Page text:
Once there is a standardized means of processing the plant matter into pigment, information regarding the relative economics of dye/pigment yield per acre of natural plant materials can be better extrapolated, as well as estimated profit per acre and margins over other value-added products. This will be the ultimate question in farmer adoption and unfortunately one we do not have a definitive answer for yet. There will be other logistical questions such as the storage and distribution requirements of the processed extracts.
While we assume a market beyond textiles is possible, we are not yet experienced in this area. There is a growing and robust natural colorants market for food products, especially since the European Union recently banned the use of any synthetic colorants in food products. The lack of a quality blue pigment, for example, lead to products being removed from the grocery shelf, and prices of other natural dyes, such as cochineal (red) have increased up to 3 fold over their 2008 value. It is clear that there are many more emerging and existing markets beyond textiles for these natural colorants created from natural dye extracts.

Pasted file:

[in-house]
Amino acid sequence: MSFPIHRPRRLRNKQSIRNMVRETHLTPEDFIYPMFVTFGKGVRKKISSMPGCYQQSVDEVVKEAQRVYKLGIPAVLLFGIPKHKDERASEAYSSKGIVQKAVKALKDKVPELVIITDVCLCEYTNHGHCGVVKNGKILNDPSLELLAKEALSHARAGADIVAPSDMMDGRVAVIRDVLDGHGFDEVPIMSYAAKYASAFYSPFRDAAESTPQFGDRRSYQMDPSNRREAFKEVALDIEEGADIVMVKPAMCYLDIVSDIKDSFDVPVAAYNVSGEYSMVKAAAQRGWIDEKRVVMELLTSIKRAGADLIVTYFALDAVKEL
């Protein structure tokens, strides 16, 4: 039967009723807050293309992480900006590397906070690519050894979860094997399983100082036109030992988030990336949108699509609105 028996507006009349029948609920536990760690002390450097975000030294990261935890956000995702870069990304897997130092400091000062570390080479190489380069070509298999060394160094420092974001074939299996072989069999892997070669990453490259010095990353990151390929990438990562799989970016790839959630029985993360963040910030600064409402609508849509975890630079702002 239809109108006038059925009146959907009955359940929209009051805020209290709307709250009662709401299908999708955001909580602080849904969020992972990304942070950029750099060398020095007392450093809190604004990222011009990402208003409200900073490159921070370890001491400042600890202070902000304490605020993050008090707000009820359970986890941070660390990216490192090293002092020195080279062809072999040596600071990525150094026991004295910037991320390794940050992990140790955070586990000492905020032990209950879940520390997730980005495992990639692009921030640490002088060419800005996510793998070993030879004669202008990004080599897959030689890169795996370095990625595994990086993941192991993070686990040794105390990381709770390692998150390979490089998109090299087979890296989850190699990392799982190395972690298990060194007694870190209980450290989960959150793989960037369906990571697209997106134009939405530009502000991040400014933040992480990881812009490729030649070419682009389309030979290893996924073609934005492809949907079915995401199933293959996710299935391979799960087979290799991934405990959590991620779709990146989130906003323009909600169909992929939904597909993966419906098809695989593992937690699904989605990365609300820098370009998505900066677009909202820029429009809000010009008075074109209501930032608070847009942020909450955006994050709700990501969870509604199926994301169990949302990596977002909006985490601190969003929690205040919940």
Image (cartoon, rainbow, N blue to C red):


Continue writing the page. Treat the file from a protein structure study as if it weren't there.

In short, industries from food to textiles will continue to look for non-toxic alternatives to synthetic dyes and pigments. Sustainably-grown natural dyes from Southeastern farmers have a tremendous growth opportunity to expand into a number of industries and products. The natural colorant market in the food industry has grown at a time when the rest of the food colorant (synthetic) industry has stagnated. The market for organic cotton and fabrics produced with environmentally friendly attributes has grown and more manufactures are considering the processes which are used to scour, dye, and fix their fabrics. Outside of industrial uses, the home artisan and craft markets has had a surge in interest, with an increasing numbers of people taking up knitting, sewing and other fiber arts. We believe this market alone could support a small cooperative of farmers raising natural dye crops and based on our workshop interest, there appears to be widespread interest among artisans to learn more about the use of natural dyes.
Before widespread farmer adoption, this topic will need more research on cultivation requirements, processing requirements, and market potential and access. We plan to do a feasibility study and business plan before recruiting new farmers into our grower’s network.